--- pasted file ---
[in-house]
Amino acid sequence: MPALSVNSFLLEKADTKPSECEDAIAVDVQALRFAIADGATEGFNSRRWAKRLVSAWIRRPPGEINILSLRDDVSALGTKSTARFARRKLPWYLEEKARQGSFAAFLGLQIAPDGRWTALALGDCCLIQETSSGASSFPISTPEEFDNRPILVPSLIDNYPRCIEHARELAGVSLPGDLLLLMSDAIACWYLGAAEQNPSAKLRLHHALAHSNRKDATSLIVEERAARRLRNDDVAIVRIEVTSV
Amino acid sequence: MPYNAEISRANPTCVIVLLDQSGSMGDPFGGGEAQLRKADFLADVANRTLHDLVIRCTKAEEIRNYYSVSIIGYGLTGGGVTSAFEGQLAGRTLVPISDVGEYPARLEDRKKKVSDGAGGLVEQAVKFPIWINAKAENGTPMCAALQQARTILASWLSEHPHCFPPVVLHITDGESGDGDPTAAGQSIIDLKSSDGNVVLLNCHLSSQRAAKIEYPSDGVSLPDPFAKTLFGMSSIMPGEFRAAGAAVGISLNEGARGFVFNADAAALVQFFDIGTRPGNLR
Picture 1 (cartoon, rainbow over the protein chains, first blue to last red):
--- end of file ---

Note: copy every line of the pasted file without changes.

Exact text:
[in-house]
Amino acid sequence: MPALSVNSFLLEKADTKPSECEDAIAVDVQALRFAIADGATEGFNSRRWAKRLVSAWIRRPPGEINILSLRDDVSALGTKSTARFARRKLPWYLEEKARQGSFAAFLGLQIAPDGRWTALALGDCCLIQETSSGASSFPISTPEEFDNRPILVPSLIDNYPRCIEHARELAGVSLPGDLLLLMSDAIACWYLGAAEQNPSAKLRLHHALAHSNRKDATSLIVEERAARRLRNDDVAIVRIEVTSV
Amino acid sequence: MPYNAEISRANPTCVIVLLDQSGSMGDPFGGGEAQLRKADFLADVANRTLHDLVIRCTKAEEIRNYYSVSIIGYGLTGGGVTSAFEGQLAGRTLVPISDVGEYPARLEDRKKKVSDGAGGLVEQAVKFPIWINAKAENGTPMCAALQQARTILASWLSEHPHCFPPVVLHITDGESGDGDPTAAGQSIIDLKSSDGNVVLLNCHLSSQRAAKIEYPSDGVSLPDPFAKTLFGMSSIMPGEFRAAGAAVGISLNEGARGFVFNADAAALVQFFDIGTRPGNLR
Picture 1 (cartoon, rainbow over the protein chains, first blue to last red):